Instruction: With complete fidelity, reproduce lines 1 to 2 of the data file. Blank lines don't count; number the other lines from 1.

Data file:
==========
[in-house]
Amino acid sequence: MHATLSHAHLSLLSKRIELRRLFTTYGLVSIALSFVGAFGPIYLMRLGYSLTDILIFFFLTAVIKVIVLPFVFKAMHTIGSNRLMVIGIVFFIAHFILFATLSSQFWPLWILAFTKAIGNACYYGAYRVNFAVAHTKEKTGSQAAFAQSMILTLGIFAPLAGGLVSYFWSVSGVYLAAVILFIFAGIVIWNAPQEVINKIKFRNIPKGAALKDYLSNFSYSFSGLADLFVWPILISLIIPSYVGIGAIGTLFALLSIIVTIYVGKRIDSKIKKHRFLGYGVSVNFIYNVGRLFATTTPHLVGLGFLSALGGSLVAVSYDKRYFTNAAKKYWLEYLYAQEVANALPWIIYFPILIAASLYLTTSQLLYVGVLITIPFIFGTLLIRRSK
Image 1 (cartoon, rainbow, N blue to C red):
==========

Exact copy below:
[in-house]
Amino acid sequence: MHATLSHAHLSLLSKRIELRRLFTTYGLVSIALSFVGAFGPIYLMRLGYSLTDILIFFFLTAVIKVIVLPFVFKAMHTIGSNRLMVIGIVFFIAHFILFATLSSQFWPLWILAFTKAIGNACYYGAYRVNFAVAHTKEKTGSQAAFAQSMILTLGIFAPLAGGLVSYFWSVSGVYLAAVILFIFAGIVIWNAPQEVINKIKFRNIPKGAALKDYLSNFSYSFSGLADLFVWPILISLIIPSYVGIGAIGTLFALLSIIVTIYVGKRIDSKIKKHRFLGYGVSVNFIYNVGRLFATTTPHLVGLGFLSALGGSLVAVSYDKRYFTNAAKKYWLEYLYAQEVANALPWIIYFPILIAASLYLTTSQLLYVGVLITIPFIFGTLLIRRSK